Jun 7, 2010, 12:39 PM EST
All things considered, the Lakers’ Game 2 offense was not a failure. Their free throw rate was off the charts, their offensive rebound rate was stellar, and the turnovers were completely manageable. It was L.A.’s drop-off combined with Boston’s improved offensive execution that tipped the balance, which makes assigning specific blame a bit tricky.
Sure, you can look at Ron Artest’s 1-for-10 night and say that he failed spectacularly or point out Derek Fisher’s weak defensive strategy against Ray Allen, but there was no singular force — not even the sweet-shooting Jesus Shuttlesworth — that earned Boston a Game 2 victory.
That leaves us all looking beyond the obvious, and in doing so likely attributing too much influence to minor factors. It’s not easy to diagnose a loss like this one for L.A. (at least in terms of their offense), but we can start small and work our way back up. However, maintaining an understanding that no individual element of the Lakers’ offense can be marked as the goat is crucial. As such, it was a combination of somewhat minor differences between Game 1 and 2 that gave the Celtics the opportunity to take a game at STAPLES.
For example, we can look to the Lakers’ execution on the pick-and-roll. The screen game is an essential element of any NBA offense (even the triangle), and L.A. was far more successful coming off screens in Game 1 than they were in Game 2. According to Synergy Sports, the Laker ball-handler in pick-and-roll situations scored 1.43 points per possession in Game 1 (scoring on 64.3% of such possessions), the model of efficiency.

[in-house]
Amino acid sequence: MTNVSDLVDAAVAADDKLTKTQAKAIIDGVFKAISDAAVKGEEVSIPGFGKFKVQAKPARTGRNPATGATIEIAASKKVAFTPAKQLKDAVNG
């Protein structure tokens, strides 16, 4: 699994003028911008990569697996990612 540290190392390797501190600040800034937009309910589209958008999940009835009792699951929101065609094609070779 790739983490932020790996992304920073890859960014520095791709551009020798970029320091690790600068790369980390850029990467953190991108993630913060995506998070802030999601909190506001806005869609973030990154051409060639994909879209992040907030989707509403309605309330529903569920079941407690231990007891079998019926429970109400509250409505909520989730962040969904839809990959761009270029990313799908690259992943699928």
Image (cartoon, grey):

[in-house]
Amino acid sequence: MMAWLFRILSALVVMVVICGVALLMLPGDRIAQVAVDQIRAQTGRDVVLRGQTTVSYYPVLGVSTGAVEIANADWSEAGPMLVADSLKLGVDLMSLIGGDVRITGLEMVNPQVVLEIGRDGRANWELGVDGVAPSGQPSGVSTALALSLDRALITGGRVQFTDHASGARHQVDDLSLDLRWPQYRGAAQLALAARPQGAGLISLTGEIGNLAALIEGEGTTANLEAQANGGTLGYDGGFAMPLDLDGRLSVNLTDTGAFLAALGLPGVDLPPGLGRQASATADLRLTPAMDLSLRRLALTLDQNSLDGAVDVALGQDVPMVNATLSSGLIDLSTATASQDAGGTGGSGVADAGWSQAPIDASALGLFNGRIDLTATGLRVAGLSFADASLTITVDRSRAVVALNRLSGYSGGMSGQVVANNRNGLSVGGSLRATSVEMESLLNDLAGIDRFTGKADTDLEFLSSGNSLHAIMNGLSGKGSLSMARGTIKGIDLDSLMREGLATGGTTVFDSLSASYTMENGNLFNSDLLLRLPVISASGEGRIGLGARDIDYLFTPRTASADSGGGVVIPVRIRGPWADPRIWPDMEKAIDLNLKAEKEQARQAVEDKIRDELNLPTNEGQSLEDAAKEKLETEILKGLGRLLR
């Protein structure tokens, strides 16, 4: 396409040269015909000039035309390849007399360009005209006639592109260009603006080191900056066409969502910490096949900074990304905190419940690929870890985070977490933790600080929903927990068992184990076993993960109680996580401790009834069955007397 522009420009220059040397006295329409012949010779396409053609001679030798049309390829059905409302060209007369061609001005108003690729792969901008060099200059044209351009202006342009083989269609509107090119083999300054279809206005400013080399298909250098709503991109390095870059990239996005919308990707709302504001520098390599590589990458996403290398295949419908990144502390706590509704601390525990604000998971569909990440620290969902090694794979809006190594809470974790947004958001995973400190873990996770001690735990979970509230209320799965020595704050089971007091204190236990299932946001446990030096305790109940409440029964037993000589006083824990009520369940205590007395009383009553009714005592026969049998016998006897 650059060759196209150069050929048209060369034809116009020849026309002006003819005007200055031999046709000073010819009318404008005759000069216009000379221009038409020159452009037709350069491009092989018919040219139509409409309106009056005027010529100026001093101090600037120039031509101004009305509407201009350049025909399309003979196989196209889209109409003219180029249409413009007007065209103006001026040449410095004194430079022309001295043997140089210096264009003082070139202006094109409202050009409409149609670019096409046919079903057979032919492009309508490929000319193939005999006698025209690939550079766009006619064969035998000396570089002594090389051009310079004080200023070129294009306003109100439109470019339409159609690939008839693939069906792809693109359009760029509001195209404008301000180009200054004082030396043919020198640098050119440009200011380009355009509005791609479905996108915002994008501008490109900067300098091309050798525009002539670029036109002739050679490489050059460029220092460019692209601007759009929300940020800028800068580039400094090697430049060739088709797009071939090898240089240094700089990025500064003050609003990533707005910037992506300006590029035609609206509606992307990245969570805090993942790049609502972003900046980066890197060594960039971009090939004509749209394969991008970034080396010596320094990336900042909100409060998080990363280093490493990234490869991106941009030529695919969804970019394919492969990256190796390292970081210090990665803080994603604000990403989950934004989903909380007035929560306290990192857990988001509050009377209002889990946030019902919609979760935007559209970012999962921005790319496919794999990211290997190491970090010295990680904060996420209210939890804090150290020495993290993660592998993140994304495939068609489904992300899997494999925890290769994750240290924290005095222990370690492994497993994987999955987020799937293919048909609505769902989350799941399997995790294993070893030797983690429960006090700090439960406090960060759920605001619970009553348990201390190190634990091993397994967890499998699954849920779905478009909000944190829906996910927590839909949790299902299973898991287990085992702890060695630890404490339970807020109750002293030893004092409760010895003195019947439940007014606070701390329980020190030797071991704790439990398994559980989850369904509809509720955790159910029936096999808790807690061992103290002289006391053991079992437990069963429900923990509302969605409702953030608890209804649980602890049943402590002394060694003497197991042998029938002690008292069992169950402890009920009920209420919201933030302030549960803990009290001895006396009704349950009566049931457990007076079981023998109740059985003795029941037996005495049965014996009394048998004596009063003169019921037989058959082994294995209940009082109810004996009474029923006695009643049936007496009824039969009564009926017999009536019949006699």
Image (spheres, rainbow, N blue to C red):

In Game 2? Not only did the ball-handlers in pick-and-roll situations finish plays only about half as often, but L.A.’s ball-handlers only scored 0.75 points per possession. That’s a substantial difference, not only in the plays directly accounted for, but in the way those plays influenced the Celtics’ coverage of the pick-and-roll. Boston was able to negate the impact of L.A.’s ball-handlers coming off of screens with calculated pressure, rather than having to respond to the Laker guards’ success in those scenarios with a scrambling last line of defense.
Don’t underestimate the difference between the two, as when and how a defense elects to apply pressure matters a great deal. When the Celtics are dictating when they help on pick-and-rolls (or more importantly, who they help off of), they’re a defensive force. When Kobe Bryant, Jordan Farmar, and Shannon Brown are forcing Boston to adapt to their assertiveness, it’s a different game.
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